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Cephalanthus occidentalis - L.

Common Name Button Bush, Common buttonbush, Button Willow, Honey Bells, Buttonbush
Family Rubiaceae
USDA hardiness 4-10
Known Hazards The leaves contain glucosides and can be toxic in large doses. Symptoms include vomiting, convulsions, chronic spasms and muscular paralysis[274].
Habitats A lowland species, growing along the edges of streams, rivers, lakes, swamps and wet floodplains[229].
Range Eastern N. America - Nova Scotia to Florida, west to Minnesota and California
Edibility Rating    (0 of 5)
Other Uses    (0 of 5)
Weed Potential No
Medicinal Rating    (2 of 5)
Care
Fully Hardy Moist Soil Wet Soil Semi-shade Full sun
Cephalanthus occidentalis Button Bush, Common buttonbush, Button Willow, Honey Bells, Buttonbush


http://commons.wikimedia.org/wiki/User:Desmodium
Cephalanthus occidentalis Button Bush, Common buttonbush, Button Willow, Honey Bells, Buttonbush
http://commons.wikimedia.org/wiki/User:Munchkinguy

 

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Summary

Bloom Color: White. Main Bloom Time: Early summer, Early spring, Late summer, Late spring, Mid summer, Mid spring. Form: Rounded.


Physical Characteristics

 icon of manicon of shrub
Cephalanthus occidentalis is a deciduous Shrub growing to 7 m (23ft).
It is hardy to zone (UK) 6. It is in flower in August, and the seeds ripen in October. The species is hermaphrodite (has both male and female organs).
Suitable for: light (sandy), medium (loamy) and heavy (clay) soils. Suitable pH: acid and neutral soils. It can grow in semi-shade (light woodland) or no shade. It prefers moist or wet soil.

UK Hardiness Map US Hardiness Map

Synonyms

Habitats

Woodland Garden Sunny Edge; Dappled Shade; Shady Edge; Bog Garden;

Edible Uses

None known

Medicinal Uses

Plants For A Future can not take any responsibility for any adverse effects from the use of plants. Always seek advice from a professional before using a plant medicinally.
Astringent  Diaphoretic  Diuretic  Emetic  Febrifuge  Laxative  Odontalgic  Ophthalmic  
Tonic

Button bush was often employed medicinally by native North American Indian tribes who used it to treat a range of ailments[257]. It is little used in modern herbalism. A tea made from the bark is astringent, emetic, febrifuge and tonic[61, 222]. A strong decoction has been used to treat diarrhoea and dysentery, stomach complaints, haemorrhages etc[257]. It has been used as a wash for eye inflammations[222]. A decoction of either the roots or the fruits have been used as a laxative to treat constipation[257] The leaves are astringent, diaphoretic, diuretic and tonic[61, 222]. A tea has been used to check menstrual flow and to treat fevers, kidney stones, pleurisy etc[222]. The plant has a folk reputation for relieving malaria[222]. The inner bark has been chewed in the treatment of toothaches[222].

Our new book Edible Shrubs is now available.

Edible Shrubs provides detailed information, attractively presented, on over 70 shrub species. They have been selected to provide a mix of different plant sizes and growing conditions. Most provide delicious and nutritious fruit, but many also have edible leaves, seeds, flowers, stems or roots, or they yield edible or useful oil.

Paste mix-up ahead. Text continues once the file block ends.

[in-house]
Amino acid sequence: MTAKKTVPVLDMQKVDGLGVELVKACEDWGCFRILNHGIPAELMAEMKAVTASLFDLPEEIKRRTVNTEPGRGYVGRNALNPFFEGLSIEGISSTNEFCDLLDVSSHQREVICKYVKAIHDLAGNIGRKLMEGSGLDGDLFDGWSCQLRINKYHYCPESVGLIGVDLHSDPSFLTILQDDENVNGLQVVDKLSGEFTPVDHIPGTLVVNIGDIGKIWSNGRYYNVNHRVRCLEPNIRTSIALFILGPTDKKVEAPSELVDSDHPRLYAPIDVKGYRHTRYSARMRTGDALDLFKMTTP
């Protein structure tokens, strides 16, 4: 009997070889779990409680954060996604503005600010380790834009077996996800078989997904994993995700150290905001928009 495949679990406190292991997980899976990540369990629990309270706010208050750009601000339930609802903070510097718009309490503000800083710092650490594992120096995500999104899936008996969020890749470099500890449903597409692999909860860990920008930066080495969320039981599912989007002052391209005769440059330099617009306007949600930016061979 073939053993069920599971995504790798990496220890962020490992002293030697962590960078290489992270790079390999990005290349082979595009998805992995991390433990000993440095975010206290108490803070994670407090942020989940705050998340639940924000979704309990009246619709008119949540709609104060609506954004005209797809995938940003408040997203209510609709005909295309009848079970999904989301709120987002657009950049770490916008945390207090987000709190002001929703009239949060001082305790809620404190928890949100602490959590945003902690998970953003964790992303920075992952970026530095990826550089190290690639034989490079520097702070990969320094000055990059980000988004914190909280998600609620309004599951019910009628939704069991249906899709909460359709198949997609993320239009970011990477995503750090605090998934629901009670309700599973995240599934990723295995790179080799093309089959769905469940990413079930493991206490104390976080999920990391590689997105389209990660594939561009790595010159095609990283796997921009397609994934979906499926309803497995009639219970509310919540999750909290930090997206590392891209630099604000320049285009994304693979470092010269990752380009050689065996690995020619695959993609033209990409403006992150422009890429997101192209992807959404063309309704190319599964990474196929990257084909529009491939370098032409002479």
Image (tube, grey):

Read More

Edible Shrubs Book

Other Uses

Wood

Wood - light, tough. Of no commercial value[229].

Cultivation details

Landscape Uses:Border, Massing. An easily grown plant[1], it prefers an open position in a moisture retentive or wet neutral to acid humus-rich soil[200]. Dislikes dryness at the roots[11]. A calcifuge plant, it dislikes alkaline soils[200]. Requires a sunny position[184]. Plants are hardy to about -25°c[184]. A fast-growing but short-lived species in the wild[229]. The flowers, and the dried leaves, have a soft sweet fragrance like newly mown hay[245]. A good bee plant[149]. Plants are sometimes evergreen[200]. Special Features:North American native, All or parts of this plant are poisonous, Wetlands plant, Attracts butterflies, Fragrant flowers, Attractive flowers or blooms.

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The PFAF Bookshop

Plants For A Future have a number of books available in paperback and digital form. Book titles include Edible Plants, Edible Perennials, Edible Trees, and Woodland Gardening. Our new book to be released soon is Edible Shrubs.

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Propagation

Seed - we have no details on this plant but would suggest sowing the seed as soon as it is ripe in an acid compost in a cold frame. Sow stored seed in late winter in a cold frame. When they are large enough to handle, prick the seedlings out into individual pots and grow them on in a cold frame for at least their first winter. Plant them out into their permanent positions in late spring or early summer, after the last expected frosts. Cuttings of soft or semi-ripe wood, July in a frame[200]. Layering.

Other Names

If available other names are mentioned here

Found In

Countries where the plant has been found are listed here if the information is available

Weed Potential

Right plant wrong place. We are currently updating this section. Please note that a plant may be invasive in one area but may not in your area so it’s worth checking.

Conservation Status

IUCN Red List of Threatened Plants Status :

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Botanical References

1143200

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